On today's BradCast, first a rant about the nonsense that is the Benghazi "investigation", and then on to a real investigation concerning an anti-fracking initiative on the ballot in Mahoning County, OH, questions about the results reported by the county's electronic tabulators, and an election official or two who are caught on tape going kinda nuts when asked about it.
To talk about our latest example of "Election Officials Behaving Badly", I'm joined on today's show by Dr. Ray Beiersdorfer, the voter who asked a simple question at a recent Mahoning County, Ohio Board of Elections meeting, before the officials accused him of accusing them of a crime in response!
And, since the Mahoning County election officials --- the ones caught on tape responding so outrageously to Beiersdorfer's reasonable request for a hand-count --- failed to reply to our multiple requests to join us on the show, we are joined instead by Virginia Martin of the Columbia County, NY Board of Elections to comment on all of this. (Our invitation remains open to Mahoning County election officials David Betras (D) and Mark Munroe (R) if they'd like to respond to today's program.)
Beiersdorfer is a geology professor, fracking expert and supporter of the ProtectYoungstown.org anti-fracking initiative. As you'll here, at the meeting of the Elections Board, he politely asked for a hand-count of paper ballots regarding the ballot initiative, after a post-election poll appeared to offer contradictory results to those reported by the unverified computer optical-scan tabulation systems used in the county. (An electronic tabulation system, I'll note, which has failed in election after election elsewhere.) In response, Betras freaks out and charges that Beiersdorfer has accused him of "rigging an election".
"You just basically accused this board of elections of election fraud!," Betras, a Democratic, snaps in outraged response, as caught on tape. "I find it highly offensive you’d accuse me of a crime!" His fellow election commissioner, Munroe, a Republican, takes similar offense.
All of that, simply because a voter wished to oversee the results of an election to confirm that computer-reported results were accurate --- in a town with a history of election problems and where some of the same election officials reportedly spent some $30,000 of tax-payer money in a failed effort to keep the initiative off the ballot in the first place (before being overruled by the state Supreme Court.)
"I certainly wasn't accusing anyone of a crime," Beiersdorfer tells me today (and as the tape confirms). "I just pointed out the discrepancy and I asked for a public, open, transparent hand-count of the ballots. I was a little bit surprised at how he reacted to that --- and basically attacked me."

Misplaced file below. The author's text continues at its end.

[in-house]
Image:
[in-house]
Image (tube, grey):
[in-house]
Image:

Unfortunately, it's not an isolated case. We've seen similar responses from election officials elsewhere. Martin, the Democratic co-chair of the Columbia County, NY Board of Elections --- one of the few counties in the nation to publicly hand-count every paper ballot before certifying any election (my recent interview with Martin and her Republican co-chair on that specific topic is here) --- explains on today's show: "We election officials often find ourselves in the crosshairs. There's always somebody in the public who's not happy about something that's transpired at the Board of Elections. There's a winner and there's a loser, so we often are in a position of having to defend ourselves. I can understand why they would be very sensitive."
But, she adds, that type of concern simply doesn't come up in her county, given that the public is invited to oversee the hand-count of paper ballots for every election. As an election official, she insists on hand-counts, she says, because: "I wasn't comfortable with trusting what the computer said, because I know computers can make mistakes. I know that computers can be programmed incorrectly --- inadvertently. I also know they can be manipulated, they can be tampered with. I personally can't know how a computer counts anything, because I don't get to see that. So how am I going to know that the result is correct?"
I think it's a fascinating show today --- as this is a problem that occurs more and more, as election officials and electronic voting and tabulation systems make it far more difficult for the citizenry to oversee their own elections --- but you'll be the judge. Give it a listen below!...
Download MP3 or listen to complete show online below...
[You can watch the complete, exclusive Mahoning County, OH video from which we played audio clips today, here. And the full video of Pima County, AZ Election Supervisor Brad Nelson caught on tape similarly freaking out back 2007, which we played a bit of as well today, can be seen here.]
(Snail mail support to "Brad Friedman, 7095 Hollywood Blvd., #594 Los Angeles, CA 90028" always welcome too!)